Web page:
The Book Of The Thousand Nights And A Night, Vol 1 Page-104

The Book Of The Thousand Nights And A Night, Vol 1

A plain and literal translation of the arabian nights entertainments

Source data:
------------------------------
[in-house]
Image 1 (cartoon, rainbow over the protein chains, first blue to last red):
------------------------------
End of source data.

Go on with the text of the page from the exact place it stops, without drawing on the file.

The robe of sickness then I donned * But rent to rags was secrecy: Wherefore my love and longing heart * Proclaim your high supremest might; The tear drop railing adown my cheek * Telleth my tale of ignomy: And all the hid was seen by all * And all my riddle ree’d aright. Heal then my malady, for thou * Art malady and remedy! But she whose cure is in thy hand * Shall ne’er be free of bane and blight; Burn me those eyne that radiance rain * Slay me the swords of phantasy; How many hath the sword of Love * Laid low, their high degree despite? Yet will I never cease to pine * Nor to oblivion will I flee. Love is my health, my faith, my joy * Public and private, wrong or right. O happy eyes that sight thy charms * That gaze upon thee at their gree! Yea, of my purest wish and will * The slave of Love I’ll aye be highs.” When the damsel heard this elegy in quatrains she cried out “Alas! Alas!” and rent her raiment, and fell to the ground fainting; and the Caliph saw scars of the palm rod[FN#179] on her back and welts of the whip; and marvelled with exceeding wonder. Then the portress arose and sprinkled water on her and brought her a fresh and very fine dress and put it on her. But when the company beheld these doings their minds were troubled, for they had no inkling of the case nor knew the story thereof; so the Caliph said to Ja’afar, “Didst thou not see the scars upon the damsel’s body? I cannot keep silence or be at rest till I learn the truth of her condition and the story of this other maiden and the secret of the two black bitches.” But Ja’afar answered, “O